A child’s first teacher is, almost always, a parent or carer. Parents are central in the development of a child’s social, moral, and cultural learning journey. Today, on Global Day of Parents, we celebrate parents worldwide, and recognize their role as activists within local communities, especially during a time of crisis.
When United World Schools (UWS) developed our first school in 2009, UWS Korng Nork School in a remote indigenous minority community in North-East Cambodia, we wanted the project to be supported from the outset by a committed group of community leaders. We called them the ‘school support committee,’ and asked the village leaders to consider two criteria for membership: the group should include parents and be gender balanced.
Eleven years, 35,000 children, and 229 free-to-attend schools later, the same principle still applies. Engaged parents are key to our model and the successful operation of a community school in remote regions. Whilst the COVID-19 pandemic has temporarily closed UWS schools, our teams have focused on making sure parents can help their children to stay safe and continue to learn at home.
This is, of course, the same story for millions of parents and their children around the world. And parents around the world should be congratulated for keeping learning and children’s studying going in these extremely challenging times. Adding ‘learning supervisor’ to parents’ long to-do list is, by any standard, a significant addition.
Yet the challenges faced by parents are not equal. The World Bank warns that poorer families are being hit disproportionately hard by the pandemic. And, based on evidence from crises like Ebola, the most vulnerable in each community will be most affected. This includes women, girls, the poorest, and those with disabilities.
We have schools in remote regions of Cambodia, Myanmar, and Nepal where the ethnic minority communities are extremely poor and have very limited healthcare facilities. Adult literacy rates are often as low as 10 percent. Very few parents speak the national language, and therefore can’t easily access government services. It is a really tough existence.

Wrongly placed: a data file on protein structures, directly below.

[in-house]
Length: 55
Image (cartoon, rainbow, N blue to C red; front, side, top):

Yet this doesn’t mean that ethnic minority communities are not resilient. We should avoid stereotyping the more vulnerable as, somehow, less ‘capable’. In fact, without the benefit of a social care system that more affluent countries can put in place, remote and poor communities have to demonstrate extraordinary resilience. And they do, daily.
By working with parents and leaders in each community, we have been able to leverage their relationships of trust with the wider community throughout the COVID-19 pandemic.
Following recommended practice from Translators Without Borders, our communication strategies focused on the needs of the target population. This means that key messages about handwashing, social distancing, and how to learn at home are delivered in the mother-tongue of the community, by a trusted community leader, and supported by UWS staff.
UWS moved from basic elementary school to health education in a matter of weeks. We believe it’s imperative that program design and innovations should be made with local communities at the core, and this principle came to the fore in our strategy during COVID-19.
When this is over (and it will be) UWS will reopen our schools. We will continue to support and empower hundreds of people in each community with the help of parents and community leaders.
Thank you to every parent and carer who has helped their child continue to learn during these challenging times.